After Jair died, the people soon disobeyed the Lord, and worshipped the gods of Syria, Sidon, Moab, Philistia, and Ammon. This provoked the Lord’s anger, so He caused the Philistines and Ammonites to oppress Israel. The Ammonites first attacked the two-and-a-half tribes living on the eastern side of the Jordan, then crossed the river to attack Judah, Benjamin and Ephraim.

The people cried out to the Lord, saying that they had forsaken Him, but He told them to go to the other gods they had chosen. However, the people asked again for forgiveness, stopped worshipping foreign gods, and turned back to the Lord, so His anger toward them subsided.

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This chapter describes another episode in Israel’s cycle of disobedience and punishment, in which the people repeatedly turn away from the Lord when there is no leader. No matter how often we affirm our faith in the Lord, we, too, will default to our natural desires and false thinking. As we come to recognize and accept this fact of life, we can find comfort in the Lord. He understands this completely, and does not blame or punish us.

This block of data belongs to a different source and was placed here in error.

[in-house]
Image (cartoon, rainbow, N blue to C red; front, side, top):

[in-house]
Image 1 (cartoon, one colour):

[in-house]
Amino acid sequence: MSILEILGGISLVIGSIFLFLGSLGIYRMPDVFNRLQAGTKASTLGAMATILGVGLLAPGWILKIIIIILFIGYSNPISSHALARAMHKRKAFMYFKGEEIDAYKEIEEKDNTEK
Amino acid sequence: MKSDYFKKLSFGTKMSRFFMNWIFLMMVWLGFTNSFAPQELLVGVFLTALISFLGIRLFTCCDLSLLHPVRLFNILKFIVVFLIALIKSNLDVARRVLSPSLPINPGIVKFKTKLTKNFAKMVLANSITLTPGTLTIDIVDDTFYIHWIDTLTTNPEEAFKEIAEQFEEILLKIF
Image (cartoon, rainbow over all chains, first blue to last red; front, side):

The first judge mentioned is Tola. His name means “a worm-like grub”, suggesting the idea of metamorphosis and regeneration (see Swedenborg’s work, True Christian Religion 106[2]). Tola’s father was Puah (meaning “shining”), his grandfather was Dodo (meaning “amorous, loving”), and their city was Shamir (which means “keeping the commandment”). These names bring to mind the spiritual qualities of truth, love and life in the Lord (see Swedenborg’s work, Arcana Caelestia 977).

The next judge is Jair, whose name means ”he whom God enlightens”. The number thirty (used in reference to his thirty sons and their thirty towns) means fullness or readiness. This readiness refers to our spiritual ‘remains’, or states of innocence and charity that the Lord imparts to us during childhood. These remains are essential during regeneration (Arcana Caelestia 1050).

The Philistines, soon to be a major enemy of Israel, stand for the belief in “faith alone” salvation. This way of thinking instills the idea that we will be saved if we “believe in the Lord”, regardless of our actions. “Faith alone” doctrine is present in many religious practices (see Swedenborg’s work, Doctrine of Life 4).

The people of Ammon stand for profaning what is true, by turning the truths of the Word into false ideas. We profane the truth when we claim to know what the Word teaches, but live in a way that is contrary to the Lord’s commandments (Arcana Caelestia 6348[3]).

This chapter, like many others in the book of Judges, shows Israel’s decline into chaos and evil. The two judges, Tola and Jair, provide a picture of spiritual integrity, in contrast with Israel’s oppression by the very evils they have turned to. In our regeneration, with its highs and lows, we must avoid the temptation of shallow faith by acting according to our values.